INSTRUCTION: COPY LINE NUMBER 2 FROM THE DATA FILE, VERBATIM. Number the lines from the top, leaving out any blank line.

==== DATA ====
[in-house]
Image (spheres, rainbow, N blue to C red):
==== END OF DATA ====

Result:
Image (spheres, rainbow, N blue to C red):